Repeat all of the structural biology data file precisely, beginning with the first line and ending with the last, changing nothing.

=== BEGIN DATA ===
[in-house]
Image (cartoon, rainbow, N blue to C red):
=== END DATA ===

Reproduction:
[in-house]
Image (cartoon, rainbow, N blue to C red):